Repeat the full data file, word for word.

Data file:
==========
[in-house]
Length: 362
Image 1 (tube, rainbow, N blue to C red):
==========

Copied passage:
[in-house]
Length: 362
Image 1 (tube, rainbow, N blue to C red):